The Córdoba region in northern Colombia, where paramilitaries have established a major foothold, saw two massacres in a two-day period which left six people dead and forced at least 50 families to abandon their homes.
In the early hours of 27 July in San José de Uré, paramilitaries killed three members of the same family, identified as Elizabeth Meléndres, Bitaliano Feria and their son, Édison Meléndres. Édison’s daughter was abducted and left outside the zone, while the assailants, reportedly members of Los Caparros paramilitary group, warned community members to leave or be killed.
In the afternoon of 28 July, also in San José de Uré, three men were killed. One of the victims was named as 46-year-old John Jairo Velarde Andica. Reports said the killers belonged to the Clan de Golfo paramilitary group. San José de Uré has seen multiple other killings in recent months.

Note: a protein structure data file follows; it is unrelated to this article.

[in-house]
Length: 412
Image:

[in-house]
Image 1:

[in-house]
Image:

Following the latest acts of violence, the Peasant Assocation of Southern Córdoba warned that the human rights situation was exacerbating despite the enactment of regional alert measures by the National Ombudsman’s office. A spokesperson for the association said ‘we’ve seen that the Ombudsman has become just another NGO which presents alerts, but nobody responds to what’s happening.’
The spokesperson also asked how it was possible that paramilitaries continue committing massacres and other violent acts in Córdoba despite the presence of 2,500 military personnel. According to the spokesperson, paramilitaries aim to displace resident communities in order to take control of lands which have resource and strategic value.